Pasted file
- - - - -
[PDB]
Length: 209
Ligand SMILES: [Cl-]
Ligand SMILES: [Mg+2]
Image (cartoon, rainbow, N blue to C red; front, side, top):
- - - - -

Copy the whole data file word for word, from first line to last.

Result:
[PDB]
Length: 209
Ligand SMILES: [Cl-]
Ligand SMILES: [Mg+2]
Image (cartoon, rainbow, N blue to C red; front, side, top):